We need to find only number of moves, because players alternate turns. So if the total number of moves is odd Alan will win and if it is even Bob will win. At the beginning we can try to solve the problem if we have only one pile of sticks. This can be solved by Dynamic Programming.
When we are calculating the number of moves the game will last if the size of the pile is x:
  • We will try all possible moves, i.e. moves to x - k^2 for all k>0
  • If it is possible, we want to move to position from which the game lasts even number of moves (from such position we win and our opponent loses). If there are more such positions we will choose the smallest one, because we want to win as fast as possible.
  • If it is possible to move only to positions from which the game lasts odd number of moves, we will lose. We want to lose as slow as possible so we will choose the maximum.
Players must play in both piles in their turns, but their strategy in particular piles does not have any reason to change. Therefore the pile with lower overall number of moves will determine the winner.

 public class PowerGame {
 
 public int numberOfMoves(int size) {
    // generate possible moves 
    int power=2;
    int[] moves = new int[105];
    int count = 0;
    boolean big=false;
    for (int i=1;i<105&&!big;i++) {
        int num=1;
        for (int j=0;j<power;j++) num*=i;
        if (num>size) big=true; else {
            moves[count]=num;
            count++;
        }
    }
    // find length of the game in this pile
    int[] length = new int[size+1];
    length[0]=0;
    int INF=999998;
    for (int i=1;i<=size;i++) {
        int smallestEven=INF;
        int largestOdd=-1;
        for (int j=0;j<count;j++) if (i-moves[j]>=0) {
            int pos = i - moves[j];
            if (length[pos]%2==0) {
                if (length[pos]<smallestEven) smallestEven = length[pos];    
            } else {
                if (length[pos]>largestOdd) largestOdd=length[pos];
            }
        }
        if (smallestEven!=INF) length[i]=smallestEven+1;
        else length[i]=largestOdd+1;
    }
    return length[size];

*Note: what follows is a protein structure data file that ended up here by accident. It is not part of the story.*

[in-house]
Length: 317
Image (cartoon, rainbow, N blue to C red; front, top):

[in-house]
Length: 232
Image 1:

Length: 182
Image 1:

}
 
 public String winner(int size0, int size1) {
    int length0 = numberOfMoves(size0);
    int length1 = numberOfMoves(size1);
    int minimum = length0<length1 ? length0 : length1;
    String name=(minimum%2==1)?"Alan":"Bob";
    return name+" will win after "+String.valueOf(minimum)+" moves";
 } 
 
}
 


to be continued in the next post ...
Re: Solving Two-Person Games with Perfect Information (response to post by rasto6sk) | Reply
More advanced - The Game of Nim

The most famous mathematical game is probably the Game of Nim. This is the game that you will probably encounter the most times and there are many variations on it, as well as games that can be solved by using the knowledge of how to play the game. Usually you will meet them as Division I 1000 pointers (though hopefully your next encounter will seem much easier). Although these problems often require a clever idea, they are usually very easy to code.

Rules: There are n piles of coins. When it is a player's turn he chooses one pile and takes at least one coin from it. If someone is unable to move he loses (so the one who removes the last coin is the winner).

<img src="http://www.topcoder.com/i/education/algorithmGames_01.png"/>

Let n1, n2, … nk, be the sizes of the piles. It is a losing position for the player whose turn it is if and only if n1 xor n2 xor .. xor nk = 0.

How is xor being computed?
  • xor of two logic values is true if and only if one of them is true and the second is false
  • when computing xor of integers, first write them as binary numbers and then apply xor on columns (i.e. bit-wise)